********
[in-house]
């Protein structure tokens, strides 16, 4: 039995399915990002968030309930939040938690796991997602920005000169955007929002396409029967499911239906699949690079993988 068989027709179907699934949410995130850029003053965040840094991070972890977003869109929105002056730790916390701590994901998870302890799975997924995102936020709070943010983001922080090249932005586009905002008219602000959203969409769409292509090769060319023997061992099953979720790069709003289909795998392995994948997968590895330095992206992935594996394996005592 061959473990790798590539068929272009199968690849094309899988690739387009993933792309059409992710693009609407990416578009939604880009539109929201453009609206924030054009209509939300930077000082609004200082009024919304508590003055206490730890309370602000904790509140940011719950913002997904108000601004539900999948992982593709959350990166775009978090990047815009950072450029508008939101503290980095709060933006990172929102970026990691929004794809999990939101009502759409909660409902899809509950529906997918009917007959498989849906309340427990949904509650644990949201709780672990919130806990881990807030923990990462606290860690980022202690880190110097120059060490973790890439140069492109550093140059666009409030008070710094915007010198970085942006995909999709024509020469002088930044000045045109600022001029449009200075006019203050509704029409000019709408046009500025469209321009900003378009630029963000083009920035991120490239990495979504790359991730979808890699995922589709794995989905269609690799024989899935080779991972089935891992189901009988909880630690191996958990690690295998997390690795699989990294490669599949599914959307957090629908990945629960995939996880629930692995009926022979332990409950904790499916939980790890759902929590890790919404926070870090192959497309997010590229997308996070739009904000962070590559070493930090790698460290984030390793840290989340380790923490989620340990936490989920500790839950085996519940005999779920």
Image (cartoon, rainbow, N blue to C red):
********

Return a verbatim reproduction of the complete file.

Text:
[in-house]
């Protein structure tokens, strides 16, 4: 039995399915990002968030309930939040938690796991997602920005000169955007929002396409029967499911239906699949690079993988 068989027709179907699934949410995130850029003053965040840094991070972890977003869109929105002056730790916390701590994901998870302890799975997924995102936020709070943010983001922080090249932005586009905002008219602000959203969409769409292509090769060319023997061992099953979720790069709003289909795998392995994948997968590895330095992206992935594996394996005592 061959473990790798590539068929272009199968690849094309899988690739387009993933792309059409992710693009609407990416578009939604880009539109929201453009609206924030054009209509939300930077000082609004200082009024919304508590003055206490730890309370602000904790509140940011719950913002997904108000601004539900999948992982593709959350990166775009978090990047815009950072450029508008939101503290980095709060933006990172929102970026990691929004794809999990939101009502759409909660409902899809509950529906997918009917007959498989849906309340427990949904509650644990949201709780672990919130806990881990807030923990990462606290860690980022202690880190110097120059060490973790890439140069492109550093140059666009409030008070710094915007010198970085942006995909999709024509020469002088930044000045045109600022001029449009200075006019203050509704029409000019709408046009500025469209321009900003378009630029963000083009920035991120490239990495979504790359991730979808890699995922589709794995989905269609690799024989899935080779991972089935891992189901009988909880630690191996958990690690295998997390690795699989990294490669599949599914959307957090629908990945629960995939996880629930692995009926022979332990409950904790499916939980790890759902929590890790919404926070870090192959497309997010590229997308996070739009904000962070590559070493930090790698460290984030390793840290989340380790923490989620340990936490989920500790839950085996519940005999779920």
Image (cartoon, rainbow, N blue to C red):